Three Republican Senators “on Wednesday will propose a Social Security reform package that would raise the retirement age to 70 and cut benefits for the wealthy,” The Hill reports.
Sens. Lindsey Graham (S.C.), Rand Paul (Ky.) and Mike Lee (Utah) previewed their proposal on Fox News, saying that it will put the entitlement program on a long-term path to solvency without raising taxes.
The senators said that their plan would gradually raise the retirement age from 67 to 70 and would not affect individuals age 56 or older. Graham said that the proposal uses the same formula Congress used to raise the retirement age from 65 to 67, so that people born in 1970 would become the first group to have a retirement age of 70.
Senator Lee said that the “group would like to see the plan brought up this year, but that he would not move to attach it to other legislation.”
"This is a long-term problem. This doesn’t have to be inserted with the continuing resolution or in connection with the debt ceiling. This is something, nonetheless, we need to address this year," he said.
Comparison with debt commission proposal:
President Obama’s debt commission suggests similar changes to Social Security: raising the full retirement age to 69 by 2075 and cutting benefits for upper-income Americans.
Unlike the debt commission’s proposal, the GOP plan does not call for a payroll tax hike to bolster the trust fund.
Update: These three Senators have officially introduced their plan, called the Social Security Solvency and Sustainability Act. A press release provides further details:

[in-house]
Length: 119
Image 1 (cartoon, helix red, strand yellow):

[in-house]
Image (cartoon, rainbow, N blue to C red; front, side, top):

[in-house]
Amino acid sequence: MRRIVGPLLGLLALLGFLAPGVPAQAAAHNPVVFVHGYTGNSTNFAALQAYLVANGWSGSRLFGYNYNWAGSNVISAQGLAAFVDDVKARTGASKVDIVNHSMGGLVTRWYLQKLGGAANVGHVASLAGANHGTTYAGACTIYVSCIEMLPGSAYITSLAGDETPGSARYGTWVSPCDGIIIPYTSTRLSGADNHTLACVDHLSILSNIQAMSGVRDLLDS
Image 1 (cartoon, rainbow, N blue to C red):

- Reduces debt held by the public by $6.2 trillion by 2085.
- Eliminates the current difference of $5.4 trillion between benefits promised and what Social Security can actually pay.
- Creates a solvent and sustainable Social Security system that will be able to provide the benefits it promises to future generations without raising taxes.
- Gradual Increase in the Social Security Retirement Age – The senators propose a gradual increase in the Social Security full retirement age to 70 by 2032.
- Indexing the Retirement Age to Longevity – When retirement age of 70 is achieved, the full retirement age will then be indexed to increases or decreases in life expectancy. Indexing will help maintain a constant ratio of years worked to years spent in retirement. (see attached chart detailing current law and Social Security Solvency and Sustainability Act retirement age)
- Gradual Increase in the Early Retirement Age – The senators propose a gradual increase in the Social Security early retirement age from 62 to 64 by 2028.
- Slower Benefit Accumulation for Higher Lifetime Earners – After 2018, all new retirees coming into the system will have benefits based on the first $43,000 of their average lifetime yearly earnings calculated based on wage growth. Above $43,000, benefits will be calculated based on price growth.